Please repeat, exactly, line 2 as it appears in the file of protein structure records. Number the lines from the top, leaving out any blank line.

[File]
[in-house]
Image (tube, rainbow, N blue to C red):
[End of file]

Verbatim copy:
Image (tube, rainbow, N blue to C red):